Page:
This is a good, reliable, in-depth guide to the major cities of Quebec Province. It contains enough information for a longer visit than most tourists will be able to pay. Best of all are the many illustrations and the detachable pocket map of downtown areas. My husband and I just returned from Montreal and relied every day on this extremely detailed map.
Obviously there are hundreds of editions of Jane Eyre. I wanted this one because it included essays by critics. I found that the book contains one truly excellent essay, which is the essay written from a "deconstructionist" perspective. It was the first essay by a deconstructionist I've ever read, and it made more sense than I expected.
But if you want a critical edition of Jane Eyre with SEVERAL good essays in it, I recommend the Norton Critical Edition instead.
Editions of Jane Eyre are a dime a dozen, but this Norton Critical Edition is valuable for its modern essays by literary critics. While just slightly out of date because it includes few essays from the last 30 years, it is still a worthwhile reference---very thought-provoking.
Not the most intelligent of authors---plot details can be unnecessarily repetitive. Heavy-handed narrative. And yet these Ruth Galloway books are very enjoyable because the characters are so sympathetic.
Fascinating letters dated 1903-1922 by one of the great short story writers in the English language---Katherine Mansfield, who died in 1923 at age 34. She knew Virginia Woolf, D. H. Lawrence, and other London literati.
A chronicle of the somewhat melancholy lives of Robert E. Lee's four daughters, none of whom ever married and one of whom predeceased him. The main reason for reading the book is to gain insight into the life of Confederate gentlewomen. The Lees, unlike Scarlett O'Hara, did not have to scrabble for rotten radishes; financially, they were better off than most Southerners during the war. But I suspect that the loss of their home and the difficulties of transportation and communication were all too typical.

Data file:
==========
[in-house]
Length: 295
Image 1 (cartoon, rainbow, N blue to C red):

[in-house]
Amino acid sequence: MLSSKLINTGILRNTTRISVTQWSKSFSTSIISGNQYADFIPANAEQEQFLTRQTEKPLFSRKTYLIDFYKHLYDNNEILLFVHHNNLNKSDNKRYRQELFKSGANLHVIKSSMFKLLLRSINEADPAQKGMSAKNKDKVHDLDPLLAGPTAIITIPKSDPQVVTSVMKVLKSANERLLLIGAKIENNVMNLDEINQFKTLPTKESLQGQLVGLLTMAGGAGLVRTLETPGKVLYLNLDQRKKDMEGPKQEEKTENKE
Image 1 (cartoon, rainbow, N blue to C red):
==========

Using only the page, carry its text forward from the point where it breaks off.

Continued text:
This is not a multiple biography of famous people, because the Lee girls did little to make themselves remembered except on a local level. Rather, it is an interesting glimpse into the world they lived in.
Astonishing and riveting, not least because I am only 6 years younger than the author and grew up in the same small city.
1950s race relations (in the Midwest) and child poverty are large parts of Williams's memoir. This brilliantly written book may be the best I have obtained from paperbackswap in my 7 or 8 years as a member.
Neither a mystery nor a novel, exactly, but a combination of both. A light-hearted tribute to London itself, whimsical and original. If you liked Stevenson's later books on Elizabeth of Bohemia (the Winter Queen) and her descendants, you will LOVE this one. Very entertaining. Highly recommended.
I didn't know whether there was a real need for another biography of Louisa so soon after the award-winning Eden's Outcasts. But there is! The author has original thoughts to bring to the story, and handles Lizzie (Beth March) with particular sympathy and originality.
A typical Nativity set from the 1950s, simply designed but having much more "character" and less Disneyfication (if that's a word) than the paper Nativity sets you see for sale these days. Easy to punch out and assemble.
This is a terrific novel that deserves more readers. It's about a modern Englishwoman whose story is counterpointed against an imaginary episode in the life of Charlotte Bronte. It's funny, poetic, imaginative, and brilliant. A must read!